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When Sonia saw her own wedding card in Rae Bareli

Last updated on: May 12, 2014 13:43 IST

When Sonia saw her own wedding card in Rae Bareli

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Swarupa Dutt/Rediff.com in Rae Bareli

'Sonia was here for around 15 minutes. We pulled out a photo album which had pictures of Indira Gandhi and my mother-in-law and we spoke for a bit.'

'We believe in God and I know nothing bad will happen here as long as the Congress is in power. I was born in Rae Bareli, I am the third generation of Nathans from this place,' Basil Nathan, whose mother Victoria was a member of the AICC and close to Indira Gandhi, tells Swarupa Dutt/Rediff.com

Under the pretty porch of the Nathans' 100-year-old house in Rae Bareli, the conversation was about mothers-in-law.

Meena Nathan about Victoria Nathan and Sonia Gandhi about Indira Gandhi.

It was the Congress president's first visit to the Nathan home and the occasion was sombre. Dr Ernest Nathan, Meena's brother-in-law, had passed away in May 2013 and Sonia, who was in Rae Bareli for an inauguration at the railway station the same month, had dropped at the Nathan home to pay her condolences.

"She was here for around 15 minutes," says Meena who shows us a picture of the meeting. "We pulled out a photo album which had pictures of Mrs Gandhi and my mother-in-law and we spoke for a bit. It was really nice talking to her. She is very soft-spoken."

Indira Gandhi, explains Meena's husband Basil Nathan, was a frequent visitor to their home because his mother Victoria was a member of the All India Congress Committee. So each time Indira, a three-time (1967, 1971 and 1980) MP from Rae Bareli, came to her constituency she dropped in to meet Victoria. The conversation was both personal and professional, Basil remembers.

Indira Gandhi would sit on the lawn and talk to Victoria, and each time, she left with a rose from the Nathans' garden. "She loved roses and my grandma loved picking out a big one for her," says Preeta, Basil's niece.

In February 1968, Indira sent Victoria a card. Her son Rajiv was marrying Sonia Maino on February 26, at Hyderabad House in New Delhi.

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Image: Basil Nathan poses with the wedding invitation that Indira Gandhi sent his mother Victoria in 1968.
Photographs: Swarupa Dutt/Rediff.com

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Swarupa Dutt/Rediff.com

The card is still in mint condition. Printed on handmade paper, the card opens with a shlok in Sanskrit and is written in Hindi and English, it reads:

To celebrate the wedding of Rajiv and Sonia,
Smt Indira Gandhi invites Victoria Nathan to a reception at 6 pm on Monday, February 26, 1968 at Hyderabad House, New Delhi.

Stapled on the card: You are requested not to send any presents.

Victoria did not attend the wedding. She was unwell and since it was addressed only to her, the family didn't attend either.

Meena says Sonia went quiet when she saw the card. "She may not have been aware that my grandma was invited to her wedding. It was an odd moment, but there was something intimate about it," adds Preeta and remembers the time she had given Rajiv a rose.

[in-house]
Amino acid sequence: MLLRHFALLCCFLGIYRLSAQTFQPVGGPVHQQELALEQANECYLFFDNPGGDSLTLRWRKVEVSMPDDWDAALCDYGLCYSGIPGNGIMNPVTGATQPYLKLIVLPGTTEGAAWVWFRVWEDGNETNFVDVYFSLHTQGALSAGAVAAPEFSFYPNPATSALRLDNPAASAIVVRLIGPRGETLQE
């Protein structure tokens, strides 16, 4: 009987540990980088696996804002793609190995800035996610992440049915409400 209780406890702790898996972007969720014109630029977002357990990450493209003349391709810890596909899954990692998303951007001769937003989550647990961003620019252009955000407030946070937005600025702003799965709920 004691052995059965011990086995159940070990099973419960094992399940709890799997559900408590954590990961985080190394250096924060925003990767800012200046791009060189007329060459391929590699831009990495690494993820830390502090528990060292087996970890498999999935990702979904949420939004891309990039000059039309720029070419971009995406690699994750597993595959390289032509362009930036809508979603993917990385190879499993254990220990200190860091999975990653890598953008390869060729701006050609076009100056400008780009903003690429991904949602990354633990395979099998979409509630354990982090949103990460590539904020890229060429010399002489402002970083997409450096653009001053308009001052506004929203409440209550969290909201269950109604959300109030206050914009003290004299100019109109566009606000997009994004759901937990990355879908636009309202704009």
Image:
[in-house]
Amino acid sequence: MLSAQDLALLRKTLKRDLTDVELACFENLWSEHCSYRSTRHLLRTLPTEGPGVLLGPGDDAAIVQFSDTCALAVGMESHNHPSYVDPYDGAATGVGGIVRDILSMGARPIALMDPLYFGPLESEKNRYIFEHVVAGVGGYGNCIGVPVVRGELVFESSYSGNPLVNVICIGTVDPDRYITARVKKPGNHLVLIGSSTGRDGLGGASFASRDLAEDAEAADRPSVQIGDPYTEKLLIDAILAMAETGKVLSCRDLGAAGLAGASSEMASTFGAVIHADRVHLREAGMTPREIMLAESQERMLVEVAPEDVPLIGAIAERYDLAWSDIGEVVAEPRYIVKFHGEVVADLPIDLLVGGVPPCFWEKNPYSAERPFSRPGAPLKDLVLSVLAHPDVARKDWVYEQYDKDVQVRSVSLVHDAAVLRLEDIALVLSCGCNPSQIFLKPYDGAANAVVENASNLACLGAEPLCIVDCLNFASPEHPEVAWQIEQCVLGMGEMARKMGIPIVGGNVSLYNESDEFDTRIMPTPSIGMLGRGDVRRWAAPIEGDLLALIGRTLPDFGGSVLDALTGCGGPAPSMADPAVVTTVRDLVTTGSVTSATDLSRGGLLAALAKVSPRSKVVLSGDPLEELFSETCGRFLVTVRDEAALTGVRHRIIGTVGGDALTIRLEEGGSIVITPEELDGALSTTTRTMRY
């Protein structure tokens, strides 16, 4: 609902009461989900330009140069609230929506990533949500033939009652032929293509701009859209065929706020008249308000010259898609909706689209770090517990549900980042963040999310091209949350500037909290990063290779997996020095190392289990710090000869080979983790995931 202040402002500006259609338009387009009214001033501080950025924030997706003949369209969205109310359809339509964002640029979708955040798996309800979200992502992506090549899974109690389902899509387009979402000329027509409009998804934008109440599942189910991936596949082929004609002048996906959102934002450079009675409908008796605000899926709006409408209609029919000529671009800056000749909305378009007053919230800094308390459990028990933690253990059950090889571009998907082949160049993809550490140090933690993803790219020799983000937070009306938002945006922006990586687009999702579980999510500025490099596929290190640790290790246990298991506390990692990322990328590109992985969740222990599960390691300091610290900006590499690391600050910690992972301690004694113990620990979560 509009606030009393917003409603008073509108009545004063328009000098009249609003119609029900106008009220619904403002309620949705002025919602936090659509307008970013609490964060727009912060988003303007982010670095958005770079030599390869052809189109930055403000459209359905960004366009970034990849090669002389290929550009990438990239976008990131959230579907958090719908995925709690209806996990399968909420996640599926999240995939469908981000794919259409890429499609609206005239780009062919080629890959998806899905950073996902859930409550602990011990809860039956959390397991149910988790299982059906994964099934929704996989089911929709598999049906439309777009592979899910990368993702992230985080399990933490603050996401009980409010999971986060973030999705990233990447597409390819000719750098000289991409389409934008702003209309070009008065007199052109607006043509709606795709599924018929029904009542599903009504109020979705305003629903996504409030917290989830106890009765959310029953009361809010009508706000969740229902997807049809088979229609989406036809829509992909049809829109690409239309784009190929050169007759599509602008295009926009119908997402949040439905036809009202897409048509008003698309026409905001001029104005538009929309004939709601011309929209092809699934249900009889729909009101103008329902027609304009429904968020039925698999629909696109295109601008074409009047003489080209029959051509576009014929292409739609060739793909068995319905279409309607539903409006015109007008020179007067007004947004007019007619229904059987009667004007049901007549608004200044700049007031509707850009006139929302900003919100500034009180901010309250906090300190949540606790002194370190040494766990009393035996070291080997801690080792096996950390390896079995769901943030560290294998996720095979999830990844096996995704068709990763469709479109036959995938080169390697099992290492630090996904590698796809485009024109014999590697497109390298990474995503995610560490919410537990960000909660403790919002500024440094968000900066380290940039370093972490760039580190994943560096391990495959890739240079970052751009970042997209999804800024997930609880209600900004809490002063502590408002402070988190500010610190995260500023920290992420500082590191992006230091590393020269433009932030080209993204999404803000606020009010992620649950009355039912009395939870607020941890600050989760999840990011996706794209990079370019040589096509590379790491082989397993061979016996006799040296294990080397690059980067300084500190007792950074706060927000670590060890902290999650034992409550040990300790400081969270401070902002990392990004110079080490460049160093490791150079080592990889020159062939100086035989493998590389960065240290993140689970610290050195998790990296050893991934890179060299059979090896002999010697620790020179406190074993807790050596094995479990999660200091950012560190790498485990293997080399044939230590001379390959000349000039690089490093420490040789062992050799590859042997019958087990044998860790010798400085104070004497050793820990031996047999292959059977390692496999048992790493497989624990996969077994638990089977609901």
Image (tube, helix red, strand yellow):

"He met us when he had come to Amethi, but did not step inside the house," recalls Preeta. "He just spoke to my grandmother at the door and left."

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Image: A close-up of the Sonia Maino-Rajiv Gandhi wedding card.
Photographs: Swarupa Dutt/Rediff.com

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When Sonia saw her own wedding card in Rae Bareli

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Swarupa Dutt/Rediff.com

Priyanka has driven past during a roadshow, but the family hasn't seen Rahul.

Basil says the family has always voted for the Congress. "Whoever the candidate is from the BJP (Bharatiya Janata Party) or any other party, he or she will not win," he says. "I don't know how the party will do anywhere else, but here Mrs Gandhi will win because she has done a lot of work for Rae Bareli."

"You have no idea what the Gandhis mean to us. If I may say so, we feel they are like family," adds Basil. "Indira Gandhi seemed so relaxed when she came here and she always came without an entourage."

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Image: Victoria Nathan, seated on Indira Gandhi's left, at the All India Congress Committee headquarters in New Delhi.
Photographs: Swarupa Dutt/Rediff.com

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Swarupa Dutt/Rediff.com

In this idyll arrives news of a BJP wave, a Modi wave. "Yes, there is fear, if the BJP comes to power at the Centre. But in Rae Bareli at least, it will be the Congress," says Basil.

The family, Meena says, trusts in God. "If they (the BJP) win, I would welcome them, but they should take care of us also. They are trying to show they are now secular, but it's difficult to believe that. Remember, what happened in Odisha," she says referring to the 1999 murders of Australian missionary Graham Staines and his two sons -- burnt alive in the jeep they took shelter in from a mob.

The family is running late for Sunday mass at the Pentecostal church, which is located a few metres from their garden.

"We believe in God and I know nothing bad will happen here as long as the Congress is in power. I was born in Rae Bareli. I am the third generation of Nathans from this place. My great grandfather came here around 1885," says Basil.

"I don't know why he settled in Rae Bareli or where we are from originally, but Rae Bareli has always been home to us."


Image: Meena Nathan with Sonia Gandhi at the Nathan home in Rae Bareli.
Photographs: Swarupa Dutt/Rediff.com

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